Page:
A new survey shows that most Americans – a full 76 percent – don’t want guns to be allowed in church facilities, but a man who lived through a terror attack on a church congregation that left nearly a dozen dead and dozens more wounded has a simple thought to ponder.

“A firearm in the hand is better than a policeman on the phone,” says Charl van Wyk, whose book, “Shooting Back: The Right and Duty of Self-Defense,” also has been turned into a film.

Van Wyk, who is credited with using a single handgun to scare off a team of terrorists attacking a church in South Africa in 1993, told WND that those who advocate for an unarmed congregation need to go back and read their Bibles again.

The comments from van Wyk come just weeks after two deadly shooting attacks, one at a theater in Aurora, Colo., that left 14 dead and another at a Sikh temple in Wisconsin in which seven died.

In the wake of those tragedies, the Public Religion Research Institute took a survey asking about whether guns should be allowed in churches and other places.

The organization, which worked with Religion News Service on the poll, said its survey found that roughly three-quarters of Americans believe people should not be allowed to carry concealed guns in a church or place of worship (76 percent), in a government building (73 percent) or on a college campus (77 percent).

The survey said only one-third (32 percent) of white evangelical Protestants and 3-in-10 (27 percent) white mainline Protestants believe that people should be allowed to carry concealed guns to church, compared to 18 percent of religiously unaffiliated Americans and 14 percent of Catholics.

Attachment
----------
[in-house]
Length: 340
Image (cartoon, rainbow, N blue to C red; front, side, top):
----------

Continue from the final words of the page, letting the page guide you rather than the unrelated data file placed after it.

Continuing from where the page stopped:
According to The Church Report, PRRI’s research director, Daniel Cox, said, “Although the issue of gun control tends to divide Americans by party, gender, region and race, there is broad agreement among the public that there are some places where concealed weapons should be off limits.”

Regarding the problem of gun violence, he noted that 27 percent of respondents said stricter gun control would help, 22 percent cited better mental health screenings and support for those who want guns, 20 percent argued for a greater emphasis on God and morality in school and society, 14 percent want stricter security at public gatherings and 11 percent said allowing more private citizens to carry guns for protection is the answer.

The survey also found women favor stronger gun laws than men, 60-44 percent. And while Democrats favor stronger gun laws (72 percent), Republicans (65 percent) and tea-party members (78 percent) oppose them.

Van Wyk said the Bible simply doesn’t say to be unarmed and unprepared to defend oneself.

“Jesus clearly taught ‘if you don’t have a sword, sell your cloak and buy one.’ (Luke 22:36) Scripture further teaches, ‘If anyone does not provide for his relatives and especially for his immediate family, he has denied the faith and is worse than an unbeliever.’ (1 Timothy 5:8) Provision includes protection!” he told WND in an emailed message from South Africa.